Use of Transgenic Mice to Assess the Systemic Effects of Tissue Inhibitor of Metalloproteinases-1 (TIMP) on Tumor Progression, Liver Fibrosis, Rheumatoid Arthritis, Wound Healing, and Angiogenesis

NIH researchers have produced transgenic mice over expressing human tissue inhibitor of metalloproteinases-1 (hTIMP) in the liver under the control of an albumin promoter. These mice produce large amounts of hTIMP-1 for extended periods of time, resulting in high levels of biologically active inhibitor released into the systemic circulation. In considering that the sustained high levels of circulating hTIMP-1 do not appear to affect the general health of these mice, this model can be used to study the protective effects of TIMP-1 on diseases, which involve extensive proteolytic matrix degradation and tissue remodeling. Examples of such diseases include malignant tumors, liver fibrosis, wound healing, rheumatoid arthritis, and a variety of angioproliferative diseases.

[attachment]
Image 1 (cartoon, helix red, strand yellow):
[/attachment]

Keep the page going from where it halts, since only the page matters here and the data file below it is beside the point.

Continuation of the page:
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Updated: Jun 16, 2010